For the Toronto Marlies, last year’s playoffs had a bit of a different atmosphere. With the Maple Leafs out of the playoffs, the team was heavily focused on by fans, media, and the parent club alike. Last year’s team was filled with NHL talent; eight players (Matt Frattin, Jake Gardiner, Nazem Kadri, Joe Colborne, Ryan Hamilton, Mark Fraser, Colton Orr, and Ben Scrivens) are currently calling the Air Canada Centre their home. Ricoh Coliseum was full and loud, with fans looking for hockey to be excited about in the early spring months. Mainstream media that typically rolled their eyes at the AHL were around to see what was up. It was a unique situation, and an exciting one as the blue and white headed to the Calder Cup Finals before being swept by the Norfolk Admirals.
This year is a different situation. While there are still a lot of young players (eight rookies, and several other prospect-aged players) with NHL potential, their time is still a ways a way. While currently first in AHL playoff attendance, the Marlies have averaged 1200 fewer tickets sold per game than last year, and 900 less than the regular season. Not a big deal if it was a loud crowd, but the idea of a "playoff atmosphere" isn’t existant. As for the media, they’re all camping outside Dion Phaneuf’s locker stall. That’s really what all of these changes are – byproducts of the Leafs finally getting into the post season. Which, at the end of the day, is what you want; more than anything, your AHL team is there to boost up the big club.
That said, there are some similarities to last years group. Both teams finished second in the Western Conference. Both have stellar goaltending and depth on defence to thank for success down the stretch, and more immediately relevant, both entered the first round to face the Rochester Americans. Going into this weekend, two traditions seemed likely; David Leggio would be in Rochester’s net (23 straight starts vs. Toronto), and the Marlies would probably be victorious at the final buzzer (wins in 16 of 17 vs. Rochester). One of these was snapped. Which one? Well…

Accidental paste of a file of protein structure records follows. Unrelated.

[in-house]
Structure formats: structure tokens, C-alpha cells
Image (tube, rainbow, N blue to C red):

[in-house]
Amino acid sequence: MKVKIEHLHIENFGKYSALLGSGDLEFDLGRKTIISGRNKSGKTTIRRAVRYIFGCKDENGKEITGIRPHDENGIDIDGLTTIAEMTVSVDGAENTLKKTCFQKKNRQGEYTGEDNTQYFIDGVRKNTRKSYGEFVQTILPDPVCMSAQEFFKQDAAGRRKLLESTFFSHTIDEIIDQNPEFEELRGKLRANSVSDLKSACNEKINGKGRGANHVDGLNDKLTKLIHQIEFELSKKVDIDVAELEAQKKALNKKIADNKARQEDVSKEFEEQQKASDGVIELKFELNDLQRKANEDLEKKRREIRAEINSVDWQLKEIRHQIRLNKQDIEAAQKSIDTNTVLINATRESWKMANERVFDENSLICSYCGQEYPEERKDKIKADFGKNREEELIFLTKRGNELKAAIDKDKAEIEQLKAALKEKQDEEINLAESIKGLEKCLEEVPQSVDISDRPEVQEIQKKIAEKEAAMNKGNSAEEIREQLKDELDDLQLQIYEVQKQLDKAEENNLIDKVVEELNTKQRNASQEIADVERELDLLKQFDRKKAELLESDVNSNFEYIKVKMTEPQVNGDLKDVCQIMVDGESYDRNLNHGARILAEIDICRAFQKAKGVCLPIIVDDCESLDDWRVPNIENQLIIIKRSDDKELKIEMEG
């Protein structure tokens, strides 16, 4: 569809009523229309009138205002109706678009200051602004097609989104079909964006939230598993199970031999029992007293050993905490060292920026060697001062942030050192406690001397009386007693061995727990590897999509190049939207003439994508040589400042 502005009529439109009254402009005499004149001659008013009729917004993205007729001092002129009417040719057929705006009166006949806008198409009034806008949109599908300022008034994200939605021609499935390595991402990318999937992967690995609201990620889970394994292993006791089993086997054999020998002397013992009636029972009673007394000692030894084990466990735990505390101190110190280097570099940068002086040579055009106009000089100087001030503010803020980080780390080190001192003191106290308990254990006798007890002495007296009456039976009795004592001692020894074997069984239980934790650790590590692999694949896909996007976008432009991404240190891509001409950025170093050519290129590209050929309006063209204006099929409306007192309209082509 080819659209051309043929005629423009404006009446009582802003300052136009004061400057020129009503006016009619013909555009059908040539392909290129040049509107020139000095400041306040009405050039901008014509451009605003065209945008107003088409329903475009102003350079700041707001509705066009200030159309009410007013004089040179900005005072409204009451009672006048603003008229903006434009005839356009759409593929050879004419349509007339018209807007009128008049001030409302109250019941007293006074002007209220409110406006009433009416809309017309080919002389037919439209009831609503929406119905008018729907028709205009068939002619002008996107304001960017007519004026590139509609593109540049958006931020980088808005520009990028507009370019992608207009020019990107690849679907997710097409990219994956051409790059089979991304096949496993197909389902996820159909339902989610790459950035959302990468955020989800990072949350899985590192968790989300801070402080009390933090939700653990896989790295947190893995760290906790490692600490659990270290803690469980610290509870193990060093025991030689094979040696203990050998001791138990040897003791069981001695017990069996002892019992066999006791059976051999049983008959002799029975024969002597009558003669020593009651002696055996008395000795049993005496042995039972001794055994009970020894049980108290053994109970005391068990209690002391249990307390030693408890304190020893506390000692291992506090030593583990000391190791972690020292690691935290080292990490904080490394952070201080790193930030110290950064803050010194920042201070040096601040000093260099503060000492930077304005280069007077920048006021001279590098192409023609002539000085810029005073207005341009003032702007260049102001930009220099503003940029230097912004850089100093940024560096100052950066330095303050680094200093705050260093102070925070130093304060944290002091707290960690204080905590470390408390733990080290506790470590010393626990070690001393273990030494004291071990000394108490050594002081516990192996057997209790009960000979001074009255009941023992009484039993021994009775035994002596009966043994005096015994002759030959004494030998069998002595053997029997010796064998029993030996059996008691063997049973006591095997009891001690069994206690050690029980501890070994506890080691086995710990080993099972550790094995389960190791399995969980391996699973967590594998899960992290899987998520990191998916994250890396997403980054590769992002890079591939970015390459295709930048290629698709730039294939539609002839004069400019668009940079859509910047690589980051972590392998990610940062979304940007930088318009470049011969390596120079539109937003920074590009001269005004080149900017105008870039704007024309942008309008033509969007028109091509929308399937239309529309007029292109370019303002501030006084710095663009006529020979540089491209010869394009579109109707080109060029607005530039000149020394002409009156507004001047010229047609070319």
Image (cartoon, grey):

The series opened with Rochester desperate to change the tone set over the past year or so between these two teams, with pushing and shoving at every whistle. The likes of Brad Ross and Jerry D’Amigo were more than happy to give the Amerks reason to, perhaps countering the effectiveness of their plan to instigate. The referees were happy to let them go without roughing calls, but that may have been due to all the other minor penalties that had to be called, including seven in the first period alone. Despite all that, the first goal came even strength, courtesy of a Greg Scott wrist shot. He wasn’t done for the night either, tipping a Tim Connolly point shot to widen the gap six minutes afterwards. Zemgus Girgensons responded less than a minute later with a goal, and kept the game interesting going into the second period.
That second period was one that Toronto would be happy to forget about. Dallas Eakins’ description of it was "probably the worst period of hockey I’ve seen this team play in four years, and it was a head shaker. It was one of those ones where it wasn’t just seven or eight guys; it was every guy, except for our goalie". It’s hard to disagree. The team took more penalties (4) than it did shots (3), and left Drew MacIntyre on his own for nineteen shots. Two of them went by him; a shorthanded tally by Cody McCormick (that Greg McKegg responded to with a goal of his own by the end of the powerplay), and Girgensons’ second of the night. One of his saves (which has been all over the everywhere) defied common logic, and was the exclamation point on a bailout effort to keep the team tied after forty minutes.